World Culture

A Look at Mauritania

Our foreign desk e-mailed a week or so ago to say there were some visitors coming to town. They asked if we would like to meet them. They had been working in Mauritania on political reconciliation efforts there. We did a little reporting and said, yes, we would.

(My only connection to Mauritania had been a friend, a former Peace Corp volunteer, who brought back some of the loveliest brilliantly colored tie-dyed cloth. That, and the campaign of forced expulsions by former President Maaouya Ould Sid Ahmed Taya, who had seized power in a coup in 1984 and ruled with a heavy fist for the next 20 years.)

This is a story we have seen many times throughout history — a group decided, for whatever reason, to expel fellow citizens; those they consider the "other," or rivals, for power or resources. But unusually, in the case of Mauritania, a new regime has tried to reverse that trend.

Independent candidate Sidi Mohamed Ould Cheikh Abdallahi was inaugurated in April 2007 as Mauritania's first freely and fairly elected president. One of the goals of his administration is to overcome the legacy of past ethnic divisions, including the forced banishment of tens of thousands of so-called Afro-Mauritanians and the continuation of the tradition of enslavement. This is a story I don't think we have heard a great deal about, and in the context of so many recent clashes over ethnic division, I think an important one.

There are a number of other international stories that caught our eye today.

And ...

Sorry, we can't help ourselves, FASHION. You know you want to know the latest styles. You know you do, ok? The great thing about radio: no one needs to see you listen. So it's okay to be interested in hearing a conversation about fashion.

Key tip for the day: boat shoes.

Ladies, we have you covered next week. I promise.

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I have lived in and studied Mauritania off and on for some years, so was very interested in your coverage of the race question there. I think you chose two quite reasonable persons to interview, though the situation is still a bit more nuanced than they made clear.

Anyone not already acquainted with the country might have gone away from the program with the impression that only two groups of people are at issue -- Arabs and Blacks -- and that the ex-slaves and the N??gro-Mauritaniens are perhaps overlapping or the same. In fact, they are very distinct and generally not socially or politically allied.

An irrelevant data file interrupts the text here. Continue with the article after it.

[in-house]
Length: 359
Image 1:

Persons of slave descent are a historically subordinate category, "Black Moors," while the N??gro-Mauritaniens are African in language and culture, from such historically autonomous tribes such as the Soninke, Halpulaar, and Wolof. The elites of these groups were also slave-holders, historically, and have certainly been no kinder to slaves and ex-slaves than were the White Moors.

It was the Pulaar, particularly, who were thought to be contesting (White) Moor hegemony in the 80s, and who were especially targeted with violence and expulsions. It is alleged that Black Moors sometimes profited from the situation, taking over (perhaps with White Moor sponsorship) the abandoned lands.

The exiled Afro-Mauritanians have been free to return to Mauritania for many years, but have been holding out for reparations. I think that M. Suleimans claim, that returnees would risk re-expulsion or torture, has not been true for at least a decade or more.

Over the same period, the Black Moors, somewhat like post-Reconstruction Black Americans, have found themselves in very diverse situations, ranging from dependent unpaid servants to prime ministers and ambassadors. Unlike Black Americans, they often enjoy continuing political and economic support and close social ties with their ex-masters (or with the relevant Moor tribal fraction). Even under the previous regime, thanks in part to UN and World Bank pressures for anti-poverty programs, they were the major beneficiaries of measures to expand education and economic opportunity.

In any case, it is true that both groups continue to suffer from social discrimination -- somewhat like the U.S. of a generation ago, lets say. Let us hope that the new government will, indeed, proceed with further improvements.

Sent by Kay M. | 9:23 AM | 3-11-2008

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